Richardson's orderly copying the Karcung inscription

Richardson's orderly copying the Karcung inscription

2001. (Film negative)

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Raw Image

Key Information


Hugh E. Richardson


Hugh Richardson

Date of Photo



Lhasa Area > Karcung

Accession number


Image Dimensions

55 x 55 mm

Richardson's orderly on a ladder propped against the inscription pillar ar Karcung. He is copying the inscription. One of the four reliquary monuments at the site is visible in the background.

Further Information

Photographic Process

Negative film nitrate

Date Acquired

Donated August 2001

Donated by

The executors of the estate of Hugh E. Richardson


Hugh E. Richardson


‘High Peaks, Pure Earth’, Hugh Richardson, London, Serindia Publications, 1998 [view list of illustrations]

Manual Catalogues -

Manual Catalogues - Notes on negative album (outer case) - 'INSCRIPTIONS ON RDO RINGS' (in black ink on white label) and 'Inscriptions & misc.' (in black ink on yellow label) is written in Richardson's hand on the cover of the negative album. [KC 21/9/2006]

Manual Catalogues -

Manual Catalogues - Notes on negative index - '[ZHWAI]'

Research publication - Hugh E. Richardson, A Corpus of Early Tibetan Inscriptions, 1985 , Hertford: Stephen Austin and Son, Royal Asiatic Society, James G. Forlong Series, No. XXIX, 1985, plate 9 'The Skar-cung pillar'. [KC 29/9/2006]

Research publication - Clare Harris and Tsering Shakya (eds.) 2003 'Seeing Lhasa: British Depictions of the Tibetan Capital 1936-1947' (Serindia Publications, Chicago). Page 38. [KC 29/9/2006]

Research publication - David L. Snellgrove and Hugh Richardson,
A Cultural History of Tibet , 2003, Bangkok: The Orchid Press, p.36. 'The sKar-cung stone pillar at Ra-mo-sgang near Lhasa. It has an elaborate fluted stone canopy and a shell-like finial. The base is decorated by a Chinese-inspired mountain design.' [KC 29/9/2006]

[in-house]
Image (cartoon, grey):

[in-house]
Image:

Research publication - H. E. Richardson,
High Peaks, Pure Earth' , London, Serindia Publications, 1998, plate 12. "The Skar-cung pillar at Ra-ma-sgang near Lhasa." [KC 09/11/2006]

Other Information - History: Hugh Richardson discusses the history and significance of the pillar at Karcung in
A Corpus of Early Tibetan Inscriptions , 1985, Royal Asiatic Society, James G. Forlong Series, No. xxxix, Royal Asiatic Society, pp. 72-81. "The pillar stands outside a small temple near the village of Ra-ma-sgang on the south bank of the Skyid-chu about two miles south-west of Lhasa. It records the renewal by Khri Lde-srong-brtsan of his father's vow to maintain the Buddhist faith ... The present-day temple is very small and neglected but it stands inside an extensive area bounded by four large ancient mchod-rten which show traces of having been covered by tiles of the colour appropriate to their position as are those at bSam-yas. A great accumulation of sand, which made it impossible to see whether there were the remains of other buildings, had covered the stone pillar ... I had enough of the sand cleared away to be able to copy the whole text; and some time later I was able also to clear the base on which the pillar stands and which was seen to be a massive block of stone carved with a pattern of mountains in the Chinese style ... Inside the courtyard of the little temple were a stone capital, similar to that on the pillar, and the remains of what appeared to be the base of another pillar which may be buried in the sand. ... " (p. 72) [KC 21/9/2006]

For Citation use:
The Tibet Album. "Richardson's orderly copying the Karcung inscription" 05 Dec. 2006. The Pitt Rivers Museum. <>.

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